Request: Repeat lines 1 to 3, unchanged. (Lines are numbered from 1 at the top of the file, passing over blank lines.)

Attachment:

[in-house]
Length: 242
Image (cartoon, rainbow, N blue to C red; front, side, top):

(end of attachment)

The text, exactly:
[in-house]
Length: 242
Image (cartoon, rainbow, N blue to C red; front, side, top):